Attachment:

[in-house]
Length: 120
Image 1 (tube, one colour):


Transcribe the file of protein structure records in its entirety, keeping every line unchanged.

[in-house]
Length: 120
Image 1 (tube, one colour):